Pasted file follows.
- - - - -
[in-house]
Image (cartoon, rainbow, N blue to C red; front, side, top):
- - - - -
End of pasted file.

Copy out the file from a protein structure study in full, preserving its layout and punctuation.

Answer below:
[in-house]
Image (cartoon, rainbow, N blue to C red; front, side, top):